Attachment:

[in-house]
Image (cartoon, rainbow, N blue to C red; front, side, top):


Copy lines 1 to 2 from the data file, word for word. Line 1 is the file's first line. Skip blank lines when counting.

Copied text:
[in-house]
Image (cartoon, rainbow, N blue to C red; front, side, top):